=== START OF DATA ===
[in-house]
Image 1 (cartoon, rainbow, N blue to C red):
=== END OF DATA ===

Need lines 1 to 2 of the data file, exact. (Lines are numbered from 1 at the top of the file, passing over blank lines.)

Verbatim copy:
[in-house]
Image 1 (cartoon, rainbow, N blue to C red):